The White House claimed on Monday that the US has been “a leader” in the global fight against coronavirus, despite infections nationally now approaching 3m, with 130,000 deaths, and America recently witnessing the highest ever number of new daily cases reported in the world.
With the majority of US states reporting increases in new cases, the White House press secretary, Kayleigh McEnany, said at a briefing on Monday afternoon: “I think the world is looking at us as a leader in Covid-19.”
The US has not yet got new infections under control, according to the leading public health expert Dr Anthony Fauci’s recent alarmed comments to Congress. And the EU chose not to include the US as a country approved for non-essential travel as it starts to open its borders.
This as officials in states across America’s southern sun belt are closing down parts of the economy again.
Parts of Arizona, Florida and Texas are all rolling back economic reopenings due to surges in Covid-19 infections. All three states reopened swiftly this spring, and local officials are now attributing an explosion of cases to those early decisions.
Florida surpassed 200,000 cases over the weekend with the pace of new diagnoses quickening. But even as Florida saw a particularly large rise, the governor, Ron DeSantis, said at a press conference on Monday: “I think we’ve stabilized.”
He stopped short of calling for mandatory face coverings in public, and encouraged people to “avoid closed spaces, crowded places, close-contact settings”. Despite evidence to the contrary, he also continued to push hydroxychloroquine as a treatment for Covid-19. Scientists now believe the drug is ineffective.
Meanwhile, local officials in DeSantis’s state rolled back the economic reopenings of the spring over concern hospitals, especially in south Florida, could soon be overwhelmed.
“We want to ensure our hospitals continue to have the staffing necessary to save lives,” said Miami-Dade county’s mayor, Carlos A Gimenez, as he closed bars, all restaurant dining, banquet halls, gyms and short-term rentals. “If we see crowding and people not following public health rules, I will be forced to close beaches again,” he said.
Houston’s mayor, Sylvester Turns, told CBS on Sunday that, like Gimenez, his major concern in Texas was now hospital staffing.
“We can always provide additional beds,”Turner said. “But we need the people, the nurses and everybody else, the medical professionals, to staff those beds.”
With the percentage of COVID-19 positive cases growing and an uptick in hospitalizations in Miami-Dade County, I'm continuing to roll back business openings. This will affect restaurants (except for takeout & delivery service), gyms and more: https://t.co/6fcqiYn1Qw @MiamiDadeEM— Mayor Carlos A. Gimenez (@MayorGimenez) July 6, 2020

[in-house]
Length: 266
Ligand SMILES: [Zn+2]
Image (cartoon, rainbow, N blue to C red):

“I’m still worried about [the] July 4 weekend and hoping that we don’t have the same spike after that that we did on Memorial Day weekend,” Steve Adler, mayor of Austin, Texas, said in an interview to local news station KVUE, referring to the late May holiday. “The numbers are scary if we don’t change the trajectory.”
Be informed. Know your risk. Stay safe. pic.twitter.com/t6G71wAHU6— Texas Medical Association (@texmed) July 3, 2020
In many cases, officials said increased infections were driven by the demographic at low-risk of death from Covid-19, especially people in their 20s and 30s, who were going to bars, restaurants and nightclubs.
In Florida, DeSantis said the most common age of new infections is 21. In Phoenix, Arizona, the mayor, Kate Gallego, told ABC on Sunday that the behavior of people between 21and 44 had led to “the explosion” in cases.
“We opened way too early in Arizona,” Gallego said. She later added: “We’re seeing a lot of people go to large family gatherings and infect their family members.” Arizona’s Republican governor, Doug Ducey, closed theaters, bars and gyms before the long holiday weekend.
The age of new infections may be driving what appears, at first glance, to be a contradictory phenomenon: Covid-19 infections are increasing, but deaths remain steady. Younger people without chronic health problems are less likely to die from Covid-19, although they can still become sick and infect other higher-risk people.
However, another reason deaths have so far remained steady is because hospitalizations and deaths are lagging indicators for Covid-19, which has a long incubation period. Increases in these numbers can trail infections by weeks as people infected with the disease develop symptoms, and go to hospitals when they have difficulty recovering.
As of Monday, most states were seeing an increase in cases, according to a Covid-19 tracker developed by Johns Hopkins University. The previously hard-hit north-eastern US appeared to be one of the few regions uniformly recovering.
New York City entered a new phase of reopening on Monday. Nail and tanning salons, dog runs and indoor sports facilities, such as volleyball and handball, reopened.
While 7,000 New York City restaurants have opened for outdoor dining, indoor dining will be postponed for a “substantial amount of time” because of outbreaks traced to bars and restaurants nationally.
The new hotspots also pose risks for states across the country which have contained the virus. In New Jersey, which slowly reopened after being pummeled by infections in spring, more than a dozen new cases were tied to those returning from the vacation destination of Myrtle Beach, South Carolina.
“I do not want to have to hit another pause on our restart because a small number of New Jerseyans are being irresponsible,” New Jersey’s governor, Phil Murphy, said on Monday, according to the local news station WPVI.